The findings may also help those living in built-up areas or whose work involves daily exposure to lower levels of carbon monoxide, such as firefighters, the researchers believe. A recent and extensive epidemiological study of nine million people in the US showed a clear link between environmental carbon monoxide exposure and hospitalisation due to cardiovascular complaints. As ranolazine is a daily medication for angina, the researchers suggest it may be suitable to protect patients from the harmful effects of chronic exposure, though human clinical trials will be required to confirm this.
"The next step will be to replicate these findings in human trials. As the drug has been clinically approved, roll out of this treatment could begin soon after we have these results," said Professor Peers.
Dr Hélène Wilson, Research Advisor at the British Heart Foundation (BHF), which co-funded the study, said: "This study is a good example of research being used to better understand the underlying causes of an abnormal heart rhythm and in this case it has uncovered the ability of an old drug to perform a new trick. Carbon monoxide poisoning is tragically common but hopefully these promising results can be replicated in people so that it saves lives in the future."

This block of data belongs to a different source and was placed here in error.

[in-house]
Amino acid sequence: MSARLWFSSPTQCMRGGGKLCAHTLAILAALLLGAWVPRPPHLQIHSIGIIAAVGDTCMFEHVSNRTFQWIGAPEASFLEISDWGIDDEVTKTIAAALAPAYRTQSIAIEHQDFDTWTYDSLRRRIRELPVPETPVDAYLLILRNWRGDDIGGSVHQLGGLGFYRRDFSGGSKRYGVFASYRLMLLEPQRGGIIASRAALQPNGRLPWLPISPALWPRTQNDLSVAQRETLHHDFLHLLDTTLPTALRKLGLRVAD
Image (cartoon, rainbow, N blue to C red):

The research is funded by the BHF, Gilead Sciences, the Wellcome Trust and Fondation de France. The paper will be published in the American Journal of Respiratory and Critical Care Medicine.
Ralf Richter, David Brockwell, Eric Hewitt, Jessica Kwok, Emanuele Paci and MAPS/FMH, BBSRC (Jun 2017), £600,000
Eric Blair, Adrian Whitehouse, Nicola Stonehouse, Alison Baker, Richard Bayliss, Joan Boyes, Ryan Seipke, Sally Boxall and MAPS/FMH, BBSRC (Jun 2017), £376,000
Stefan Kepinski, Yoselin Benitez-Alfonso, Tom Bennett, Michelle Peckham, BBSRC (Jun 2017), £331,000
Roman Tuma, Lars Jeuken, Paul Millner, Sheena Radford, Peter Stockley and MAPS/FMH, BBSRC (Jun 2017), £222,000
Vas Ponnambalam, Darren Tomlinson, Stephen Wheatcroft, BHF (May 2017), £107,878
Graham Askew in collaboration with Bangor University, BBSRC (Mar 2017), £477,383
Stephen Muench, BBSRC (Mar 2017), £132,945
Nic Stonehouse, MRC (Mar 2017), £906,341
Bill Kunin, Steve Sait, BBSRC (Mar 2017), £602,831
Adrian Goldman, EU (Mar 2017), £546,576
Sheena Radford, Wellcome Trust (Mar 2017), £1,836,482
Tom Bennett, Royal Society (Mar 2017), £15,000
Jamie Johnston, Royal Society (Mar 2017), £15,000
Beatrice Filippi, Royal Society (Mar 2017), £15,000